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medical schools, provide a synopsis of their faculty
and staff members that describes each individual's
area of expertise. It takes a little time and effort to
call for more information, but the dividends can be
amazing!
Try to find out the number of procedures
a surgeon has performed--the more, the better.
Other indicators of a surgeon's expertise are
certification by the American Board of Surgery,
and active membership in the professional surgical
society of their specialty. An affiliation with the
American College of Surgeons is indicated by the
letters "FACS" after the doctor's name.
Ask people you know who are familiar with
the medical community for recommendations,
including your primary-care physician, patients
who have had your surgery, nurses and others in
the medical profession.One excellent place to start
is on-line support organizations for your medical
problem. For example, for back problems I found
www.spine-health.com. Also, check with your
insurance company.
One other important point...getting that
qualified second opinion may require that you
travel to a different area. You may or may not
decide to go with the second opinion. If you are still
unsatisfied, there is always the possibility of a third
opinion! Surgery can be life-changing, yet we often
don't give it as much consideration as we give our
children's college education!
q
ueStionS
to
aSk
your
SurGeon
before
SChedulinG
SurGery
:
First and foremost, find out the exact name
of the procedure so that you can do your research.
All surgery patients should receive educational
material from their hospital prior to surgery stating
what they're doing to prevent surgical errors.
What other options are there other than
surgery?
Can I expect only temporary or long-term relief
from the pain?
Will my life be different after this surgical
procedure?
What are the risks (including anesthesia)?
Is this an inpatient or outpatient surgery?
What type of incision will be used? Is another
option minimally invasive or laser procedure?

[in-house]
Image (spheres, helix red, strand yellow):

Pointblank...how often have you done this
particular surgical procedure?
Questions about the medical facility:
What is the level of hospital acquired infections
(a big concern in the medical community)?
What is the rate of readmission?
Finally, your medical team should follow The Joint
Commission's (a nonprofit organization dedicated
to patient safety and quality standards for health-
care organizations) three-step protocol to reduce
the chances of a surgical error, including:
1. Verifying the procedure with you.
2. Marking the surgical site.
3. Taking a time-out to review the procedure with
the entire medical team prior to surgery.
Doctors and nurses should triple-check your
identity to make sure that you're the right patient
before they start. If you're having an inpatient
procedure and will spend part of your recovery time
at the hospital, make sure that every nurse checks
your identity in two different ways, by checking
your wrist band information and asking for your
date of birth, for example, to reduce the chances of
medication mishaps.
Patients...it is important to have a family
member or friend with you to answer questions
and prevent oversights and mistakes, in case you're
not able to do so--even if the surgical procedure is
not a difficult or critical operation.
Author's Notes:
Thank you Health Triangle Magazine for this monthly
article to help patients and caregivers protect themselves
when they enter the healthcare system. Written by Joni
Aldrich, Pulitzer prize nominated author, speaker, radio
program host and producer, cancer, caregiving, and patient
safety advocate. Contributions by Graham Whiteside, Vice
President of Sales and Marketing SIMnext LLC, and Chris
Jerry, founder and CEO of The Emily Jerry Foundation
(www.emilyjerryfoundation.org) and international patient
safety advocate.
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